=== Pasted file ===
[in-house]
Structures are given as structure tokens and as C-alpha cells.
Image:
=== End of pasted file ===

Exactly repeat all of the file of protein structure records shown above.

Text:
[in-house]
Structures are given as structure tokens and as C-alpha cells.
Image: